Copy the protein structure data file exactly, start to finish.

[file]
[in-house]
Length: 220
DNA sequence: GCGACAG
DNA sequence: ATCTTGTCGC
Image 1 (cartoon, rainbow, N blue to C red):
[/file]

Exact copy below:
[in-house]
Length: 220
DNA sequence: GCGACAG
DNA sequence: ATCTTGTCGC
Image 1 (cartoon, rainbow, N blue to C red):